“Football people,” was how one member of Nigel Clough’s backroom staff described Chris Wilder and Alan Knill during a visit to Bramall Lane midway through last season. “Proper football people.”
The respect between the two camps was evident again earlier today when, despite being called to discuss tomorrow’s’s game against Burton Albion, the Sheffield United manager’s latest media briefing began with a tribute to his opposite number and predecessor.
“I’ve known Nigel from when I was starting out at Alfreton,” Wilder said. I value his opinion and he’s a really genuine, good football guy. This will be a tough game, especially with the connections, because they always add a bit more. That’s why we’ll be on our guard.”
Clough, the former Nottingham Forest, Liverpool and England centre-forward spent two years in charge of United before being replaced, unsuccessfully, by Nigel Adkins. After saving the club from relegation during his first six months at the helm, he led it into the semi-finals of both the FA and EFL cups before being unceremoniously sacked in 2015. Although Wilder had no interest in debating the whys and wherefores of that decision before overseeing training at the Steelphalt Academy, he did acknowledge Clough, now in his second spell with Albion, had put United back on the map despite failing to lead them out of the third tier.
“Nigel had big results here away from home didn’t he, in the cup competitions,” Wilder, a lifelong United supporter, said. “He knows how to win games at home and away. A couple of years ago, before we came in, he brought Burton here and did a job on Sheffield United. But I think we’re a very different group now with a different atmosphere around the place.”
This evening’s match, which had been scheduled to take place earlier this month before postponed because of bad weather, is of critical importance to both teams. United, five points behind sixth-placed Middlesbrough, need a win to reignite their push for the play-offs. The visitors know they could climb out of the relegation zone if they prevail.
Having paid tribute to Albion’s achievements - “What they’ve done, to come from non-league to here so quickly, is nothing short of remarkable” - Wilder was asked if United’s success since his appointment receives the recognition it deserves.
“It might have slipped a little bit because of where we were and where we are,” Wilder, who led them to the League One title last term replied. “If it was the other way around, had we been coming into this position from 14th, 15th or 16th, it might have been different. But still with 10 games to go, two homes games here, I think it’s brilliant. People talk about how well Middlesbrough are doing. We’re in touching distance. It’s amazing.”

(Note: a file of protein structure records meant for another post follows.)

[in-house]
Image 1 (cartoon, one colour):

Despite winning only one of their last 11 outings, it will not have gone unnoticed by Wilder and his staff that Albion have collected some prized scalps on the road. Millwall, Cardiff City and Sheffield Wednesday are among the teams Clough’s side have beaten away from home since competition resumed in August. Showing a taste for the big occasion, United’s fellow promotion hopefuls Fulham and Bristol City have also dropped points at the Pirelli Stadium.
“If Nigel keeps them up, for a second season, I think it will be up there with anything anybody else does in terms of winning the division,” Wilder insisted. “Definitely. If a club wins this division, it will be a powerhouse club; Aston Villa, Wolves or Cardiff City. Established Championship clubs and ones who are more than that. Pound for pound, what Nigel will have done if they do survive, will be right up there.”
“I don’t think they’ll come here and look to make it an open game,” Wilder continued. “And this is one of those rare occasions when we are probably expected to win in this division.
“There’s pressure on some absolutely huge clubs around the bottom of the division. The pressure will be on all of those. If the worst comes to the worst for Burton Albion, people will say they expected it. But this year, just like last year, personal pride from the managers and the players will come on to it. You don’t become the manager Nigel has, or be the player he was, without that.
“Sometimes, yes, there is an advantage to being the underdog. But we will give them the utmost respect. The same as we did down at their place.”
United, who could welcome back Leon Clarke and Mark Duffy, triumphed 3-1 in Staffordshire four months ago. Billy Sharp scored twice before Clarke hit the target but the result was overshadowed by an injury to Paul Coutts. The Scottish midfielder is not expected to play again until August after breaking his leg during a challenge with Marvin Sordell. Wilder later absolved the Albion centre-forward of any deliberate wrongdoing while John Brayford, Shaun Barker and Matt Brown, the hosts first team operations coordinator, visited Coutts in hospital; a classy touch from three classy individuals.
“As I said all along, it was unfortunate,” Wilder said. “I don’t believe it was deliberate. It was just a boy trying to block a shot and being a bit reckless and careless. Not malicious.”
“Paul is ditching the crutches this week and he’ll be around for the game,” he added. “It was obviously a disappointing night for us as a club and more so for him. He’s progressing great and we want him back as soon as possible.”